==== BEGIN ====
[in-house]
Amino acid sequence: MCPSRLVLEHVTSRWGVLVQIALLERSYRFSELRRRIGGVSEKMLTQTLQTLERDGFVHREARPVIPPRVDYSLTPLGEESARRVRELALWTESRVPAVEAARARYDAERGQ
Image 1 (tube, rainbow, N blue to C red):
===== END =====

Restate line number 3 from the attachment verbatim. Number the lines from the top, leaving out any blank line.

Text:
Image 1 (tube, rainbow, N blue to C red):